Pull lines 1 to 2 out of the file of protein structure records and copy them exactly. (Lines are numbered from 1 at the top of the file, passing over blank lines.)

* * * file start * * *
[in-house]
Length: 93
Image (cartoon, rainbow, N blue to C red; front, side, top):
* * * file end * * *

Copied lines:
[in-house]
Length: 93